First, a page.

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From the Court to the Broadcast Booth, Chanda Rubin Is an Eternal Champion

Chanda Rubin

Sports Illustrated and Empower Onyx are putting the spotlight on the diverse journeys of Black women across sports—from the veteran athletes, to up-and-coming stars, coaches, executives and more—in the series, Elle-evate: 100 Influential Black Women in Sports.

When Chanda Rubin watched the recently released film King Richard, the scenes in the movie took her back to her time spent on the WTA Tour, surrounded by tennis.

“I just remember hearing a lot of the stories with Richard Williams back in the day, about his girls and how they were going to be, these great No. 1, No. 2 players,” she says. “And you wonder, Is that really going to happen? And it did. And it's amazing. I think, for me, it’s the greatest story in sports. I just loved feeling all the energy surrounding their story being brought to life.”

But in the early 1990s, when Venus and Serena Williams were still young girls at the junior level, Rubin was already rising in the WTA ranks. She turned pro in '91 at the age of 15 and just five years later, reached the Australian Open semifinals in singles and captured the doubles title with Spain’s Arantxa Sánchez Vicario. That same year, in '96, she reached a career-high World No. 6 ranking in singles.

A child prodigy from Lafayette, La., Rubin was one of the Black women who laid the foundation for the next generation of women of color to be accepted, seen and given an opportunity to become winners. She’s always operated at full throttle in tennis. Her parents played competitively but never had to push Rubin into the sport. Her desire and drive were 100% personal.

“It was never their journey. It was always mine,” says Rubin, who played in her first tournament at age 7. “It fit into what they loved, which was the game, but they didn't feel like it was their path, or that they were living through me. It was always my decision. It was a good mix in terms of having the support and having them totally behind me and encouraging me. But it's still coming from within, especially in moments where you need it most. I mean, you have to be able to draw from what you desire.”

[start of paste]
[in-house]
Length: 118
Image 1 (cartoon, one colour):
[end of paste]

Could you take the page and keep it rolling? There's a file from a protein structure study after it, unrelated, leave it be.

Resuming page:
Before Venus and Serena both turned pro in '94 and '95, respectively, Rubin remembers meeting the sisters and how wonderful it was to see these two Black girls on the court.

She says she admired the camaraderie between Venus and Serena—it was a relationship that she didn’t have when she was training as a young athlete. Rubin says that she was always “a Black player out there on my own, and the only one in a lot of these spaces.”

“It was always interesting to me to see two Black girls,” she says. “They're both trying to become great pros and get to the top of the game. It was always a fascinating dynamic. It would have been amazing to have that, as a player. I just loved watching them and how they interacted with each other laughing and giggling, and it was just kind of fun for them.”

Later on, Rubin would go toe-to-toe with Venus during matches—even toward the end of her career, Rubin says she was one of the toughest competitors she played against.

“I would go into the third and I would lose. I just couldn't quite match the physicality, the athleticism and the movement of Venus,” says Rubin, who has won two matches against Venus and one against Serena. “I mean, at 6' 1" [Venus has] the intensity, she’s moving incredibly well and she's aggressive. A lot of the things that I brought to the game made our matches kind of these clashes. But she, at times, just had that little extra. It was amazing for me to continue to match up against a player of her caliber.”